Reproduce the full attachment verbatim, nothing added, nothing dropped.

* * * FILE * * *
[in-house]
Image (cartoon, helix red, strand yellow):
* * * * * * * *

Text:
[in-house]
Image (cartoon, helix red, strand yellow):